All plywood isn’t created equal, though; cabinet-grade plywood is free of voids, which can catch the guide bearing and spoil the cut. Less expensive plywood may have voids, which you won’t be able to see until you cut into it. Cabinet-grade plywood is easy to cut and shape, and it is readily available at hardwood lumberyards.

After many uses, the edge of a plywood template can begin to show signs of wear. Before any problems develop, I usually make a new template from the old one with a flush-trim bit.

 

Making the template

When making a template, I take the time to make it perfect; any irregularity in the template will be duplicated in the workpiece, or dozens of workpieces. On a straight template, I make sure that the edges are truly straight, and the angles are correct. This is not a good time to take anything for granted.

I use a number of methods to draw curves on a template. I may use a compass, a French curve or draw freehand. Often I draw the shape on the computer with AutoCAD, print the drawing, and glue it to the template with contact cement.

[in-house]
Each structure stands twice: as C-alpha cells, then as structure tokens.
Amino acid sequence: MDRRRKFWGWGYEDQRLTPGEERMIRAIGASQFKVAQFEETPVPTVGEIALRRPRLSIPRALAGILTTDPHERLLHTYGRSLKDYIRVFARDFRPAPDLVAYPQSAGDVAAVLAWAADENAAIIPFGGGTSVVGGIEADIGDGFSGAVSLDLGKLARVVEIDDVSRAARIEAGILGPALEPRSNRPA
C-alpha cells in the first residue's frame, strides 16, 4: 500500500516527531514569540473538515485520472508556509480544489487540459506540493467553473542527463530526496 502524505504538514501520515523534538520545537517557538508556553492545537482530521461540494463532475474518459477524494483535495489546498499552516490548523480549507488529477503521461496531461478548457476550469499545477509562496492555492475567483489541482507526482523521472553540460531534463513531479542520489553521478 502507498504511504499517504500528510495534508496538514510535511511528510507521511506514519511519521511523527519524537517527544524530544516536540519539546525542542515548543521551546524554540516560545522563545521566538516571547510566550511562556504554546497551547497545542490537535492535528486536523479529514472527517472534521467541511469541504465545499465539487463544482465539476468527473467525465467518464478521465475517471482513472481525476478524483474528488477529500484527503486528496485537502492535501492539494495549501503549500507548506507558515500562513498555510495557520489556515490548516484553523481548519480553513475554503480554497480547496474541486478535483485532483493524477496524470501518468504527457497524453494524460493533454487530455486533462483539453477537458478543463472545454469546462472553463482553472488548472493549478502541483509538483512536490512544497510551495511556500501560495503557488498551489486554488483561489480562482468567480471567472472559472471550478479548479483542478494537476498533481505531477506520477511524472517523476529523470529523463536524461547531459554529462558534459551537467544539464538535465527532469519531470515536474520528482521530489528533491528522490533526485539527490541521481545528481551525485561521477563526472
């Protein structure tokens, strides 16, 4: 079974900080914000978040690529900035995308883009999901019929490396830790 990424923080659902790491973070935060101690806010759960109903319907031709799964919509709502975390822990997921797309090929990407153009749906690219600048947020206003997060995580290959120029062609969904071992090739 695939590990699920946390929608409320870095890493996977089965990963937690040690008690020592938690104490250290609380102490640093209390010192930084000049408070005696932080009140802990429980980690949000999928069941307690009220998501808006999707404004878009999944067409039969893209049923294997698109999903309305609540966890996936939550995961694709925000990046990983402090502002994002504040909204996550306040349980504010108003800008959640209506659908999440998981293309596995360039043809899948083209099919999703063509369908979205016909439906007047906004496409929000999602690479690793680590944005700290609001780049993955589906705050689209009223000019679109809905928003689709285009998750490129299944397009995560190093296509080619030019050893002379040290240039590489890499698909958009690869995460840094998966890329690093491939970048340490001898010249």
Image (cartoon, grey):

After bandsawing the profile, I carefully smooth the curves with files and sandpaper. This is the fussy part. I carefully inspect the template to make sure the curves are fair, checking by eye and by feel. If there’s a hump or flat spot, it’s back to the file or sanding block.

When making a template, I extend the template ends beyond the length of the workpiece by at least an inch or two (Photo 13). The guide bearing then makes contact with the template before the bit makes contact with the workpiece. This ensures a smooth entry and exit when making the cut.

 

The template jig